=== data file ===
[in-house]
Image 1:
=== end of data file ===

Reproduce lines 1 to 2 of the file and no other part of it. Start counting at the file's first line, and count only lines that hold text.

[in-house]
Image 1: